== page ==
While federal leaders in the United States may be in denial about climate change, California continues to be in the forefront of policy-making to reduce greenhouse gas emissions. In 2012, California initiated a cap-and-trade program, which it recognized as an important strategy to meet its goal of reducing greenhouse gas emissions to 1990 levels by the year 2020. (If you haven’t noticed, 2020 is just a little over two years away.)

What’s a cap-and-trade program? It’s a market-based system that establishes incentives for industries to reduce emissions. It allows industries some flexibility in how they want to achieve this reduction in emissions. Here’s a scenario:

Imagine Polluter A and Polluter B, two companies that emit greenhouse gases. The state sells permits to each polluter to emit a certain amount of greenhouse gases (this is the cap). In order to increase emissions, polluters buy permits from other polluters who are willing to sell them (this is the trade). Polluter A innovates and finds a way to reduce its emissions and no longer needs its permit. Polluter B wants to build more factories and needs a permit to emit more greenhouse gases and so buys the permit from Polluter A. The following year, Polluter B learns about a technology that reduces greenhouse gas emissions, purchases it, and now has a permit to sell to yet another polluter.

Meanwhile, the state has earned revenue from selling the original permits. California Climate Investments (CCI) has been charged with funding projects that, according to the CCI web site, “reduce greenhouse gas emissions in the state and also deliver major economic, environmental, and public health benefits for Californians, including meaningful benefits to the most disadvantaged communities.” (Twenty-five percent of the funds must be spent to benefit to disadvantaged communities.)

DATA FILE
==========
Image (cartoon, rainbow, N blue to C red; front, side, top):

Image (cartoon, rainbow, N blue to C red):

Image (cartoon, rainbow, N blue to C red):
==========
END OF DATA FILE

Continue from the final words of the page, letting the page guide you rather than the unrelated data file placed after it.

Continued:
Reducing greenhouse gas emissions and providing meaningful benefits to the most disadvantaged communities: that’s where CESC comes in. The state’s Low-Income Weatherization Program is now funding energy efficiency measures for eligible low-income families in disadvantaged communities. There’s no doubt about it: making homes more efficient reduces greenhouse gas emissions. (In fact, last year CESC kept 33,000 pounds of carbon dioxide out of the atmosphere, and helped families achieve an annual $15,000 savings on energy bills.) Starting this month, through the Low-Income Weatherization Program in the San Francisco Bay Area (administered by Build It Green), CESC will be providing energy-efficiency and weatherization measures in specific disadvantaged neighborhoods (see map). “We’re excited that there are more resources to help families lower their energy bills and reduce greenhouse gases,” said CESC Executive Director Martin Bond. Measures may include: LED light bulbs, advanced power strips, vacancy sensors, air conditioning or heater replacement, insulation, ceiling fans, weatherstripping and caulking, replacement of some appliances or equipment, and some water conservation measures. These measures can reduce greenhouse gas emissions and save the families money.  

Which neighborhoods are considered disadvantaged communities? The state of California uses a map from the California Environmental Protection Agency that uses a CalEnviroScreen score to identify communities that are both economically and environmentally disadvantaged. Residents of single-family homes in these areas who also meet low-income requirements are eligible to enroll in the program.

Don’t live in an eligible neighborhood? You could still qualify for another residential program, CESC’s Energy Efficiency Services. Contact us to find out.